4. Population and Sample not properly distinguished: Again, AGREE!  I’m taking this as a refresher, so knew a distinction was being overlooked and researched it again on my own.  More generally, this is a criticism I have of both Udacity courses I’ve taken.  It’s fine to simplify and present a high level sample, but let the student know you’re doing it and where to get more information.
  5. Final Exam Certification: AngryMath criticizes the certificates as meaningless, because you can repeatedly answer the same static questions until you get it right.  This makes the “certificate of accomplishment” meaningless.  Well, yes, at the present time, for this course, BUT 1) they’re already working to set up standardized, monitored testing using existing testing companies to offer “real” certification.  If you’ve ever taken a test at one of these facilities, it’s more heavily monitored than a typical college final.  Udacity makes no claims about the value of their current certificate, and are working to add this feature; 2) While a few multiple choice questions can be taken again and again until you get it right without true understanding, it’s easy to add variation to the questions, even if that wasn’t done in this course, and for courses with programming assignments, random guessing won’t work; and finally 3) The retake until you get it right approach can be a good learning model if you eliminate the other issues and make the questions different.It indicates what you’ve learned by the end, rather than how much you picked up the first time.

So, while I’m learning from the class, and intend to complete it, I agree with AngryMath that the course is done rather poorly, has errors, and could be much better.  Where I disagree is his generalization:

“Some of these shortcomings may be overcome by a more dedicated teacher. But others seem endemic to the massive-online project as a whole, and I suspect that the industry as a whole will turn out to be an over-inflating bubble that bursts at some point, much like other internet sensations of the recent past.”

I believe MANY of the problems in this class are specific to the class, especially having taken the much better Programming a Robotic Car class.  While the online model has many shortcomings compared to live teaching, unlike AngryMan I believe many can be adequately worked around.  For example, I found far more information in the crowd-sourced robotic vehicle course forum and wiki than I can recall getting from office hours and recitation sections in a live class.  Other shortcomings will clearly remain.  BUT, and this is where I part company totally, I don’t believe the shortcomings exceed the savings.  If I can get 80% as good a class at a 10th or less than the current, and rapidly rising, cost of a traditional college course, then this is clearly the future.  Perhaps not entirely, and I hope not, as the college experience is often one to be treasured.  But I can easily see the competition of MOOC’s forcing a new model, perhaps just one or two years on campus, and the rest done with far cheaper MOOCs.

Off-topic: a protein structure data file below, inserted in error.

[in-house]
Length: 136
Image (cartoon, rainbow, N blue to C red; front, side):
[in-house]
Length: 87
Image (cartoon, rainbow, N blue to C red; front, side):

Also, online courses offer a chance to “teach the long tail.”  Small colleges can’t have the breadth of faculty to cover all topics at advanced undergraduate or graduate levels.  In addition, maybe only 1 or 2 students at the college is interested in the topic.  Many times, college and universities in physical proximity will offer the opportunity to get credit for attending classes taught at nearby schools (e.g., the Five College Consortium in western Massachusetts).  Imagine “virtual consortia” of hundreds of schools throughout the country (or even the world).  Through this model, the 1-2 students per college can be virtually assembled to form a sizable class, taught by a well-qualified professor from one of the consortium’s schools.

Bottom line: AngryMath has a strong, valid critique of Udacity’s Statistics 101 course, but it’s dangerous both to infer the quality of other current classes from a sample set of one, and equally dangerous to extrapolate to the future.

For yet another take, there’s a good article in Forbes: Massive Open Online Courses — A Threat Or Opportunity To Universities?